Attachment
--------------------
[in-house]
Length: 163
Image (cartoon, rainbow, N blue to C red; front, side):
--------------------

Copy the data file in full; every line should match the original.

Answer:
[in-house]
Length: 163
Image (cartoon, rainbow, N blue to C red; front, side):